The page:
How would the brain process alien music?

Source: Max Planck Institute for Human Cognitive and Brain Sciences

Summary: What might alien music sound like? Would it be structured hierarchically as our music is with verses and a chorus? Would we even be able to appreciate it? Researchers think the answer would be yes, assuming it was predicated on local and non-local dependencies.

Broca’s area, restricted to the left hemisphere, is centrally involved in language processing. Now, scientists at MPI CBS have learned that the equivalent area, in the right hemisphere (red), plays a similar role but for the processing of music. More specifically, it’s activated when we notice violations of musical grammar. The areas in blue are typically associated with working memory and show increased brain activity when the grammar gets longer and more complicated (A – anterior, P – posterior).
Credit: © Scientific Reports

What might alien music sound like? Would it be structured hierarchically as our music is with verses and a chorus? Would we even be able to appreciate it? Vincent Cheung, a doctoral student at the Max Planck Institute for Human Cognitive and Brain Sciences, thinks the answer would be yes, assuming it was predicated on local and non-local dependencies. His research published this week in Scientific Reports explains what exactly that means.

Vincent Cheung, along with Angela Friederici, Stefan Koelsch, and Lars Meyer, has been investigating non-local dependencies in music and trying to determine how the human brain processes them. In language and music, dependencies are conceptual threads that bind two things together. Non-local dependencies bind non-adjacent items. For example, in pop music, the second instance of a verse, following a chorus, would have a non-local dependency with the first instance of the verse. Experientially, it is clear to us that we are hearing a sequence that we have heard before. According to Cheung, composers use such devices to build up our expectations and elicit strong emotional responses to the music. But how does the brain recognize these patterns and what does this have to do with Paul Broca?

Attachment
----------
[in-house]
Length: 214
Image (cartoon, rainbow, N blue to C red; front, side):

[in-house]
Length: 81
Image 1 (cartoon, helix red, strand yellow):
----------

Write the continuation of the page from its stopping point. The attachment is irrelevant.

Paul Broca was a famous French physician and anatomist whose work with aphasic patients in the 1800s led to the discovery of Broca’s area; a small patch of the cerebral cortex just above the temple, specifically on the left side of the brain. Broca’s area is critical for speech production and for the processing of, you guessed it, dependencies in language. For example, Broca’s area is active when we detect violations to our well-learned grammatical rules. Surprisingly, despite Broca’s area being one of the most studied human brain regions, neuroscientists are still not exactly sure what the same region does, on the other side of the brain.

Please see more information

Leave a Reply

Your email address will not be published.

Previous post $10m prize to let you feel what a distant robot is feeling
Next post Blind Mice See Again With Gold and Titanium